€11.99
€7.99

Electro - Released September 21, 2017 | Houndstooth

Hi-Res Distinctions Qobuzissime
At first glance, post-rock and techno were hardly made for one another. Guy Andrews would beg to differ. By fusing his two passions, the two major influences on his music, the young British producer has created his second album, Tåke, which means fog in Norwegian. This is an atmospheric journey, viscerally linked to nature. Andrews says plainly that the single Fjell was inspired by a walk on Cadair Idris, a Welsh mountain. It was inspired by the climbs. The challenge of the ascent. And the pride in reaching each peak... Another escapade, this time in Norway, offered added fuel for his record. It gave a power that has influenced this captivating work from beginning to end. Guy Andrews plays with atmospheres (his first works were very much rooted in ambient music) and alternates between Northern Lights and violent hurricanes. Each composition on Tåke is in fact a kind of miniature sonic documentary, inspired by the writer's many wanderings. Here, even more than on his 2016 debut album Our Spaces, Andrews is a painter. He is sketching out an electro landscape with diverse textures and hypnotic effects. No surprise that the Londoner's art has been hailed by big names such as Massive Attack, Scuba, Bonobo, Max Cooper and others. Tåke depicts a vast sound tapestry, mottled by rhythms and lit up by the colours that Andrews offers. Fog has never looked so radiant. © MD/Qobuz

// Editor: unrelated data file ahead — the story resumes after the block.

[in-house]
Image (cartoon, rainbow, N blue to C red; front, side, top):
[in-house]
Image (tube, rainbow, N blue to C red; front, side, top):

€14.99
€9.99

Africa - Released September 8, 2017 | Bonsound Records

Hi-Res Booklet Distinctions Qobuzissime
Breaking down borders, a total musical mix, eclecticism à go go: without a doubt, Pierre Kwenders is a creative of his time. With Makanda At The End Of Space, The Beginning Of Time the Canadian multi-instrumentalist of Congo origin (he was born in Kinshasa in 1985 and has lived in Quebec since 2001) unites rumba from his home soil with pop and electro. A multitude of languages bubble from his mouth: Lingala, French, English, and Tshiluba. Kwenders devises a stupendous pan-African symphony that one would be tempted, out of sheer laziness, to label as ‘world music’ - a term that brings him out in a rash! Produced by Tendai Maraire from Shabazz Palaces (an intriguing rap group made up of Ishmael Butler, otherwise known as Palaceer Lazaro who sings on a track in this album), Makanda At The End Of Space, The Beginning Of Time commands the listener to simply let go. Allow yourself to be carried along by the versatile rhythms and changing melodies where Congolese rumba meets contemporary sounds. An incredibly groovy nimbleness that doesn’t obscure the powerful intention behind this album. For Pierre Kwenders, this is above all a homage to the important women in his life. Four strong personalities: his mother, grandmother, aunt and little sister. It follows that the Tshiluba word ‘Makanda’ translates as ‘force’. A human and sensory kaleidoscope for a completely unique album.